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Discussion Starter #1
Again, apologies in advance for all the newbie questions, but considering a Maserati is a new idea for me. I understand that the early Spyders tended to shake, rock, and roll. But that is fixed on the 04s, yes/no/maybe?

Also if you were going to buy a new one, would you buy a coupe or a spyder and why?

Thx
 

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Good to see you over here! To answer your question, yes, the Spyders were significantly stiffened after 2002. The chassis stiffness (or lack thereof) of the 2002s was widely observed by the press, and customers. Maser overall has been very responsive to critiques of their cars. I am pretty sure the change was made in 2003 - but definately seen in present day 2004 models. However, it still seems that the MB and Porsche cabs still have the edge when compared to Maser. When you test drive, make sure to take the car to the rougher streets so you can make your best judgement. I have not driven a spyder, so my info is secondhand.

I chose a coupe over a sypder for the following reasons

1) Needed more luggage room - spyder has small trunk and no back seats. In the coupe, the back seats double as luggage overflow
2) Would like the occasional ability to carry 4 people
3) My car gets fair bit of winter use - we only have one car so it must be as "versatile" as possible
4) IMO, the coupe (with its longer lines) is visually more appealing to me. The sypder is noticeably more stubby
5) I generally like the stiffer feel of coupes

Overall, each was related to our personal preferences. As usual YMMV...
 

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After reading some reviews on early Spyders I was expecting the worst when I picked mine up, Was very surprised when I found the ride to be quite nice on my 04. Check out June's Motortrend, They complained about the ride of the 2002 but felt Maserati was listening as they felt the 2004 was much improved. Would put it right on Par with my Boxster S(which I felt had more body roll) and much better than the S2000. You will definitely feel the road but not in a jarring or harsh way, But heck I knew I was not buying a Lexus, I did not want a car that was going to float over the road. This car gives me the interaction with the road I want. Can even leave the sport button off to make ride even smoother on rough roads and living in the Northeast we got plenty of those. I also like the lines of the coup better but this car will only be an April-Nov driver so realized might as well have the Spyder. I go from my garage at home to garage at work and have had periods of over two weeks where top has not had to be raised. And with no latching feature and really nice lined top makes you forget it is even a convertible when it is up.
 

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Discussion Starter #4
Just wondering, the spyder has a shorter wheelbase than the coupe. Does this create a more sports car feel?
 

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For me it;s not the shorter wheel base that makes it more sportier, it's the Roadster style and no back seat that does it. Even though car is pretty small it feels much bigger when you first start to drive it, But now it feels much smaller and is very fun to just throw it around. I always loved the feel of driving motorcycles but when my Daughter was born 5 years ago I was guilted into getting out of bikes and roadsters are the closest thing for getting that feeling back again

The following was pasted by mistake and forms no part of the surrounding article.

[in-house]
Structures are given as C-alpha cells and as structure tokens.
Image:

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Spyder

1) You can hear your Tubi exhaust better

2) You'll look more Italian from getting a tan when you drive, and if you work a lot like I do, then people will also think you are more balanced since you obviously have time to get in some sun, and they'll perpetually wonder how you do it.

3) Little can brighten a day like a spirited drive in the open air, in a beautiful, passionate Italian sports car you earned.

4) You unselfishly share the beauty of your interior with all the SUV owners out there so that they can have some pleasant dreams and aspirations. Good for the mental health of the masses who choose to live a more conformist lifestyle, are uncomfortable demonstrating individuality, their vehicle serves a more utilitarian purpose, or they otherwise choose to supress their belief in personal freedom when it comes to the vehicle they drive. Maserati's help add color to the world.

5) With the top down, it's easier to respond to all those people who ask "what is that beautiful, great sounding car are you driving?"
 

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That's a big reason I went with Spyder, I love the open air, Besides car here is how I keep a year round tan, You would be surprised how much sun you can get all winter long in a hot tub
 

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I have the Rock 'n Roll 2002 Spyder. Indeed there is cowl shake in that model. It's similar in nature to my 1996 Corvette convertible, maybe even a little worse.

Unlike the Corvette, though, the lack of stiffness does not seem to translate into problems holding a straight line when driving aggressively. My test is a sweeping freeway entry ramp with a monster expansion joint bump about halfway through the turn.

On the Corvette, the car jumps a bit sideways when the bump is hit at full throttle. With the Maser, the car didn't change track at all, keeping glued to the road.

My verdict: the stiffness is a perception problem for Maser, not something that affects real driveability. For 2003 and 2004, Maser took steps to stiffen the chassis and fix the perception issue as well.
 
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